The Institute for Pathology has a long tradition in developing novel technologies for the implementation of diagnostic assays. The research unit contributes to this process and applies these and additional technologies to address questions relevant for translational research. Three of these technologies are summarized below. We apply them to our own research projects on a daily basis, but we also offer them for external research collaborations and for supporting the realization of clinical studies.


Tissue Microarrays (TMA)

The tissue microarray technology was co-developed and first published by members of our institute in 1998. The establishment of this technology and its application to the large amount of formalin fixed and paraffin embedded (FFPE) tissue samples with clinicopathological information have resulted in numerous publications. In the last 10 years, we constructed at least 400 different TMAs comprising more than 100’000 tissue spots. Due to higher demand in the last years, we equipped our TMA laboratory with the TMA Grand Master, a high-capacity, fully automated TMA construction device that can handle up to 72 FFPE blocks and allows for digital selection and monitoring of the region to punch. Our TMAs are used for in-house research projects, as well as for collaborations with external partners from other universities or pharmaceutical and biotech companies.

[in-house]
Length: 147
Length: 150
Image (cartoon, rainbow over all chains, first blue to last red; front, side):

Next generation sequencing

Diagnostic sequencing (Molekulare Pathologie und Zytologie) is routinely performed in our institute by usage of the next generation sequencing technology. In research, the access and use of this technology has dramatically influenced the design of research projects and clinical studies, since genomes, transcriptomes and epigenomes can nowadays be analyzed in a short time (less than one week). Our NGS laboratory is equipped with three NGS devices (1 IonProton and 2 IonPGMs) as well as with devices for automated library preparation and chip loading. All steps from sample preparation to sequencing are performed in accredited laboratories, commonly used in diagnostic routine. We select and amplify regions of interest for sequencing by application of commercially available gene panels, as well as custom panels specifically designed for current studies. The combination of our professional laboratory staff, data analysis specialists, molecular biologists and pathologists does allow for a versatile and meaningful use of this technology in a clinical and translational research setting.


Genomic analyses of liquid biopsies

Our research laboratory has established the methodologies for the genomic analysis of circulating cell-free tumor DNA (cfDNA) from patients suffering from neoplastic diseases. We have set up a robust workflow including cfDNA extraction from plasma or serum followed by NGS with commercially available or specific custom made gene panels. To achieve higher sensitivity (<2% allelic frequency), we have implemented the use of digital PCR. The setup of DNA/RNA extraction from circulating tumor cells (CTCs) and their subsequent genomic analyses are in progress.